“Sometimes it is the smallest thing that saves us: the weather growing cold, a child’s smile, and a cup of excellent coffee.” ~ Jonathan Carroll
Wednesday early evening. Sunny and mild, 59 degrees.
I must admit that I was shocked to receive the notice from the WordPress people that my blog is five years old. I really had no idea. That first year, my posting was erratic, with a total of only 135 posts, with just two in that first February of 2008. By the end of the year I was posting almost regularly and beginning to hit my stride. In fact, I’m not even ashamed of most of that first year’s posts, which is saying something.
Blogging was a new beast for me, and I only got into it because of a professor who gave us the assignment to create a website of some sort for his class. It was a very open-ended assignment, and several people in the class opted for WordPress blogs. Not being familiar with WordPress, I went the difficult route of purchasing a domain name and paying for hosting. I remember those initial attempts at coding my own site not at all fondly. It was painful, and the end result was . . . pitiful.
After noticing the WordPress address in other people’s assignments, I finally got a clue and moved to a platform that did the coding for me, provided me with options for layouts and widgets and all of that good stuff, and I have had no desire to move since. It’s a good fit for me: ridiculously easy at the best price of all—free. I am forever thankful that there are people out there who like to code and even more, who like to share that coding with those of us who can’t.
“Make voyages. Attempt them. There’s nothing else.” ~ Tennessee Williams from Camino Real
So when I began this blog, what did I hope for, what did I expect? I don’t know. I remember being excited beyond belief the first time that someone actually commented on a post. This is wonderful, I thought. Someone out there found me and read me. How cool is that? And then when that stats counter went past 100 hits, I wanted to break out the champagne. One hundred hits! One hundred!
They like me. They really like me, a la Sally Field.
Okay, then I came back to earth when I realized that people were getting that many hits in one minute, when I saw that there were people with hits in the millions. Ooh, blog envy. It’s not a pretty thing, and that first year I was filled to the brim with envy. Why couldn’t I glam onto a phenomenon like Mudflats, or some such thing, and be propelled into the blog elite? I know, I know. Petty.
Really though, I guess what I wanted was to be able to say anything that I wanted, without fear of repercussion or ridicule, and I wanted people to read me, and okay, I wanted them to like me. It mattered, that whole liking thing. But then something quite unexpected happened: I began to enjoy myself. I found other people to read. I realized that I wasn’t such a strange bird, after all, and I began to care less about being liked and more about having something to say.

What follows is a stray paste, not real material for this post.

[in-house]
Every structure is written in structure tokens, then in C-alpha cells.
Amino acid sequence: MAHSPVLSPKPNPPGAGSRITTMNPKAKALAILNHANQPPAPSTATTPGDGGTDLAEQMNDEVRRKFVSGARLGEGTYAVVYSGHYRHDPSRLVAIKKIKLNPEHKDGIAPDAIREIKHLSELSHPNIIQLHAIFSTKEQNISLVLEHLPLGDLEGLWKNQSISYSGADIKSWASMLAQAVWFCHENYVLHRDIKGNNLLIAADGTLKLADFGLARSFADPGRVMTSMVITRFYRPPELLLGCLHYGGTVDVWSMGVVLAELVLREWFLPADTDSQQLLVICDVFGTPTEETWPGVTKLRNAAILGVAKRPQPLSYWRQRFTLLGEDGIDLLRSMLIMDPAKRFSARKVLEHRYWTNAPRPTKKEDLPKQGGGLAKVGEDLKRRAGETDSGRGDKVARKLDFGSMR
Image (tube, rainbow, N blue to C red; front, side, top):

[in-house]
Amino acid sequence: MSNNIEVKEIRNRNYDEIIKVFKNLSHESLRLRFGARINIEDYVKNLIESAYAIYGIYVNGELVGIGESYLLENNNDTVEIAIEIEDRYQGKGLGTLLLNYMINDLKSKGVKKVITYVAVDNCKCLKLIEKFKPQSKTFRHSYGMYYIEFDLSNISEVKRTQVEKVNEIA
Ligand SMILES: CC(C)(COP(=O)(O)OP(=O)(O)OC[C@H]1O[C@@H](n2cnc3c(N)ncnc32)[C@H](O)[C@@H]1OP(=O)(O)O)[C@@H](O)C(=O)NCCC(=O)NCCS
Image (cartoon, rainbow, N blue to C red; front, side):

Year two (2009) saw me finding a groove, deciding on a format that incorporated quotes and images and trying to have an underlying theme with each post. And then when I began tumblr in June of 2010, I think everything kind of clicked: Here was the companion to my writing blog, a source for quotes and images to complement my words.
“I felt once more how simple and frugal a thing is happiness: a glass of wine, a roast chestnut, a wretched little brazier, the sound of the sea. Nothing else.” ~ Nikos Kazantzakis, from Zorba the Greek
And, well, here I am five years later. And here are some of the things that I have learned along the way:
- People can be very supportive, surprisingly so.
- Politics is very polarizing, and even on a personal blog such as mine, haters can be relentless in trying to make you see how very wrong you are about X or Y.
- You can either ignore or engage haters, but be prepared for backlash.
- If you are going to write about your life for all to see, you have to be mindful of the privacy of the other people in your life.
- Not everyone has signed on to make an appearance in your blog, so don’t be surprised if they get upset when they do.
- Cyber-stalking can be very disconcerting, regardless of how lame it might seem.
- The best way to get readers is to be a reader.
- The Golden Rule applies in blogs: If you don’t want people to steal your content, make sure you are just as judicious in attributing other people’s words and images. When in doubt, don’t use it.
- Cite formal sources, or at least provide links to them.
- Spam. Get used to it.